Rail or rails may refer to:

Read more about Rail:  Railway Transportation, Science, Technology, Biology, and Medicine, Other Uses

Other articles related to "rail, rails":

Huntington, West Virginia - Infrastructure - Rail
... served as a major break of bulk point between rail traffic and the Ohio River/Mississippi River watershed ... CSX, the successor company to C O, continues to maintain a regional office, a rail yard, a freight car light repair shop and a locomotive heavy repair ... The city was once a hub for passenger rail service in the region, but accounts for a significantly smaller portion of rail traffic than in the early decades of the 20th century ...
Rail - Other Uses
... Crayon Rails, the generic term for a board game which recreates the building of railroads via the use of crayons Rail (1967 short film), made by Geoffrey ...
Transport - Rail - Jaipur Metro
... A rapid transit rail project by the name Jaipur Metro is under progress ... It will provide means of faster commutation for the city residents ...
Transport In Iceland - Rail
... Iceland has no public railways, although proposals to build a passenger line between Keflavík and Reykjavík have been made as well as proposals to build a light rail system in Reykjavík ... Several former locomotive-powered and hand-operated railways have closed and been dismantled, although some evidence of their existence remains in museums and as static exhibits ...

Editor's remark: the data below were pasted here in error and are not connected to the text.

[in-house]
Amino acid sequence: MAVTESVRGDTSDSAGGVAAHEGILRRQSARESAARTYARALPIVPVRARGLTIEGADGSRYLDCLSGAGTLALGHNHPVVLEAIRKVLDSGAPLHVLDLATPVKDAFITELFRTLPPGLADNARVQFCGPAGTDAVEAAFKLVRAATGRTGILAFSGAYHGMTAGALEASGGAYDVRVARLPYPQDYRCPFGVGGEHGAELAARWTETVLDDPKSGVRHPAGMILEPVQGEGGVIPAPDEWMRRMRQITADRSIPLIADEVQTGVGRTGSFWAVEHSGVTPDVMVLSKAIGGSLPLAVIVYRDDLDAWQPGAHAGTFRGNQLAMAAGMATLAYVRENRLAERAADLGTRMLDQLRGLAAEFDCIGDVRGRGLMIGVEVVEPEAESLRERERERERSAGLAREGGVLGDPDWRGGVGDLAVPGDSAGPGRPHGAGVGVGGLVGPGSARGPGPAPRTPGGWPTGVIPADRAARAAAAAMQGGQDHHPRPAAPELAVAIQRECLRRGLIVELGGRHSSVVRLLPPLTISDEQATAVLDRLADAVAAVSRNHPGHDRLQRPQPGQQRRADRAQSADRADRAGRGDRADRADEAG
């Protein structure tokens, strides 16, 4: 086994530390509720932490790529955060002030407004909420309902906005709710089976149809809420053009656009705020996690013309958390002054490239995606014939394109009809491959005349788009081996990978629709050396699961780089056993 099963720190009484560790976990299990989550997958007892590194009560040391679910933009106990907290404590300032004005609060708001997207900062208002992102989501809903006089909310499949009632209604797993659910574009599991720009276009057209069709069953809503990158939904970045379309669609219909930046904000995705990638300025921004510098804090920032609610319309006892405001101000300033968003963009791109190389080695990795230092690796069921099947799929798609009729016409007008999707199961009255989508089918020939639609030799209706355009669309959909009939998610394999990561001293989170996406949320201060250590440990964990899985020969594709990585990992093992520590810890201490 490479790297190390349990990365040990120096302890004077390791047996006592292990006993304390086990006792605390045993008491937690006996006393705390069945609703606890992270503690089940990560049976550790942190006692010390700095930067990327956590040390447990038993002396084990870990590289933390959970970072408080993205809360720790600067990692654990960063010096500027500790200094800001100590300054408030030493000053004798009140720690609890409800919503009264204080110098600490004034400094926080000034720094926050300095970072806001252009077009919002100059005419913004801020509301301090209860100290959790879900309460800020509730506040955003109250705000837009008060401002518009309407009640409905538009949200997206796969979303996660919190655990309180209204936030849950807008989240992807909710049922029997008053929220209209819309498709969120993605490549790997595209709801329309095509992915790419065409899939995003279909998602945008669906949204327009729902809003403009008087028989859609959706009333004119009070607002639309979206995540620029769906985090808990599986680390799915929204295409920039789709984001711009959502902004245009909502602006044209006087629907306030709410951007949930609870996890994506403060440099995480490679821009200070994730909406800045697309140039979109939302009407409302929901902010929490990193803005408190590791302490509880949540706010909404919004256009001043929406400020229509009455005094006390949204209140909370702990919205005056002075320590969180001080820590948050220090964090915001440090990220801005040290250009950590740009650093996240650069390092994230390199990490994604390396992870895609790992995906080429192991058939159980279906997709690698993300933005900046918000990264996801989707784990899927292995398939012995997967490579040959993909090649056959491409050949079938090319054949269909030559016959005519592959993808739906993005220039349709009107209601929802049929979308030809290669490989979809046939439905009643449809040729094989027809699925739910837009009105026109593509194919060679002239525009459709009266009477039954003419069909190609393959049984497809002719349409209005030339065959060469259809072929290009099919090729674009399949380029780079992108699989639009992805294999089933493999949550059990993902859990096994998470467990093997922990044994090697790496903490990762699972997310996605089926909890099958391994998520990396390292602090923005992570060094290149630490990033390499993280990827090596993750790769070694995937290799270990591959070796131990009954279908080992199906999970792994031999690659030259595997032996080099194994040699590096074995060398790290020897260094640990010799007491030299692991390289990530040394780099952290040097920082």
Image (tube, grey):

Famous quotes containing the word rail:

    If goodness were only a theory, it were a pity it should be lost to the world. There are a number of things, the idea of which is a clear gain to the mind. Let people, for instance, rail at friendship, genius, freedom, as long as they will—the very names of these despised qualities are better than anything else that could be substituted for them, and embalm even the most envenomed satire against them.
    William Hazlitt (1778–1830)

    Old man, it’s four flights up and for what?
    Your room is hardly any bigger than your bed.
    Puffing as you climb, you are a brown woodcut
    stooped over the thin rail and the wornout tread.
    Anne Sexton (1928–1974)

    For this is the mark of a wise and upright man, not to rail against the gods in misfortune.
    Aeschylus (525–456 B.C.)